No single mode suits all countries. It must be said that citizens ordinarily pay only cursory attention to politics and so tend to involve themselves minimally; nevertheless, they can make coherent political ideas and even appreciate the core ideas of liberalism and conservatism while organizing their political responses.

No doubt, it could be argued that it was a revolutionary process of change toward a new direction; it may alter the policy process with a clear understanding of federalism that also follows the latest republican democracy in the country whose political tradition is still heavily associated with the classic parliamentary order.

The constituent assembly (CA) elections (2008 and 2013) which ultimately delivered the written constitution constitutes a watershed in Nepali politics, actualizing the devolution of authority and paving ways to give voice to the voiceless. However, the crucial challenge is how political leadership would champion liberal governance, and how the citizens would get involved in new policy platforms and social relationships of responsibility, accountability, and participation.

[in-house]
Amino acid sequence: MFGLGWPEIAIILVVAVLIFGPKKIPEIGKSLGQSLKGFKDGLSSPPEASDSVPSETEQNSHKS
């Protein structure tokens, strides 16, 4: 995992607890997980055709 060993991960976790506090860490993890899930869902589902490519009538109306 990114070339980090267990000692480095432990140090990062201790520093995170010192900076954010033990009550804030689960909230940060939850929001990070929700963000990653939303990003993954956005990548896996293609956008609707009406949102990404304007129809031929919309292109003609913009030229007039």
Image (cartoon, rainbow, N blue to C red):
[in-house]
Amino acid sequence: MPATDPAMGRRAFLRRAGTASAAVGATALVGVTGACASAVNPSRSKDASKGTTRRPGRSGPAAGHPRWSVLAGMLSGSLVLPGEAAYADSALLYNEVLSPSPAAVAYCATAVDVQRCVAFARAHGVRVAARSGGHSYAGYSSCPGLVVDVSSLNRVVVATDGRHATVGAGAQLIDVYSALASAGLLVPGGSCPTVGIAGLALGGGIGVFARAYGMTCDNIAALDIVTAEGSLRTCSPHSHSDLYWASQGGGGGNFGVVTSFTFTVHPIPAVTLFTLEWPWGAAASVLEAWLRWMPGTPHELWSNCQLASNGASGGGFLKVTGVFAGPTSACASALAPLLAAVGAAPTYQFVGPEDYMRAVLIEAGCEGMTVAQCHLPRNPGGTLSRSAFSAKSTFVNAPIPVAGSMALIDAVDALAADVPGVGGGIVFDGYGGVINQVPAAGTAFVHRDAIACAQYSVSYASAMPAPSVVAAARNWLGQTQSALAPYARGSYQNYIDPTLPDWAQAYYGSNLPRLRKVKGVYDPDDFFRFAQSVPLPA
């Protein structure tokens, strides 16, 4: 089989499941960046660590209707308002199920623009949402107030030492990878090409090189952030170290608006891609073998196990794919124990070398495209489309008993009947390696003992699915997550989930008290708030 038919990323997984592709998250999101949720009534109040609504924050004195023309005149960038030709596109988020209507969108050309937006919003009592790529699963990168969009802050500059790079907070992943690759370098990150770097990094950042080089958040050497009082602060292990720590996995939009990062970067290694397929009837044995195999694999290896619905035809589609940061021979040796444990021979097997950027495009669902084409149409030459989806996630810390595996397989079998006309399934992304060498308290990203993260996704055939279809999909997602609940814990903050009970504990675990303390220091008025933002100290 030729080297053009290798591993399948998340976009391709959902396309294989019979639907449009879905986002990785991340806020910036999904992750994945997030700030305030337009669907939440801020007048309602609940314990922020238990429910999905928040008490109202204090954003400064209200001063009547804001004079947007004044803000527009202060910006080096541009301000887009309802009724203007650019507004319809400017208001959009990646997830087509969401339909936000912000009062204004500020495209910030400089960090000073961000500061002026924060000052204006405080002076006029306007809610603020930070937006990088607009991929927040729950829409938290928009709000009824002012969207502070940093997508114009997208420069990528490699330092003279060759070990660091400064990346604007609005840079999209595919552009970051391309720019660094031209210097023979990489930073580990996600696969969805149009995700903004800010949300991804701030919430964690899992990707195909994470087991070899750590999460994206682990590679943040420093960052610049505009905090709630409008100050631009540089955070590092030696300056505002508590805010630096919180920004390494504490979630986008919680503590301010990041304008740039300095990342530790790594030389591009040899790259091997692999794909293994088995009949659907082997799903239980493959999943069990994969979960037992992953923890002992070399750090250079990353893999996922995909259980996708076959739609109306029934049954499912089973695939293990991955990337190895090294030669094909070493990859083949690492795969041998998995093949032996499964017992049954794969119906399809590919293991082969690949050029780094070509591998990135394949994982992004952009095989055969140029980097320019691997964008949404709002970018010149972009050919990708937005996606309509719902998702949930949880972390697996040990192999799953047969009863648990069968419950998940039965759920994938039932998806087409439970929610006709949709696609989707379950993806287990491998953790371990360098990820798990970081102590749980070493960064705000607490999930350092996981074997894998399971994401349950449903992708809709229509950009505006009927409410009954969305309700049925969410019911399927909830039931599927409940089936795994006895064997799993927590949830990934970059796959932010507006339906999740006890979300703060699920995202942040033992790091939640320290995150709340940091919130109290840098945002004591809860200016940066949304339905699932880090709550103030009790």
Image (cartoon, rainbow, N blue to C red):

It is perhaps here that the role of political parties would be most critical. We find that the May 18 (2008) declaration by Nepal’s parliament ending the country’s distinction as the world’s only Hindu state was one of several hard decisions taken by the new government. No doubt, it could be argued that it was a revolutionary process of change toward a new direction; it may alter the policy process with a clear understanding of federalism that also follows the latest republican democracy in the country whose political tradition is still heavily associated with the classic parliamentary order.

In most of the political history of Nepal, the monarchy has dominated in the political offices both at the national and local levels; so, it must bear the lion’s share of the blame for governance failures. Now that both the regional and local governments may prioritize their aggregate economic and development gains for the most vulnerable and at the same time national political leaders and other officials could shape the transition process in a mature manner by presenting a pragmatic vision through both long-term goals and modest promises, we may expect that what will emerge in the future would be a worthy democratic government and sound political culture in Nepal.